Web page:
Intervention Study of EMG Biofeedback Assisted Force Control to Treat Stroke Movement Disorder

Recruiting

Phase N/A Results N/A

Trial Description

Force generation and force level control are important neuromuscular control mechanism for successful execution of movement for our daily activities. Impaired force level control is a major deficit of motor control in people with stroke. Electromyographic biofeedback (EMG biofeedback) has been suggested by researchers and clinicians to be a useful and effective tool for enhancing control of force level during motor skill learning for people with stroke. Based on the concept of motor-skill learning, practice with variable force levels may be more effective than practice with a constant force level to enhance movement performance. The EMG biofeedback provides a suitable tool for such practice of force level control and hence for motor skill learning. However, research literatures thus far have yet to provide convincing evidences to support this claim. Neural imaging studies have shown corresponding brain reorganization and neural plasticity following physical practice of movement skills in people with stroke. It is curious whether EMG biofeedback augmented physical practice of motor skills enhances brain reorganization. Using brain mapping techniques, in particular, the transcranial magnetic stimulation (TMS), we could investigate neural plasticity accompanying motor function changes induced by physical training, and hence may help to develop safer and more effective training parameters. The purpose of this study is to examine the effects of variable practiced EMG biofeedback training emphasized on force level control of the ankle muscle on balance and gait performance and the corresponding changes of corticospinal excitability using TMS in people with chronic stroke.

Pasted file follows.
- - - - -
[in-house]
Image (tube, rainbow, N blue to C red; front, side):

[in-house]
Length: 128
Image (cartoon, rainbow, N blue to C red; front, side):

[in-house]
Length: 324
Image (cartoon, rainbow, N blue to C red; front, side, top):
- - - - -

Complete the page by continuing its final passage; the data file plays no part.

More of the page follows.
Detailed Description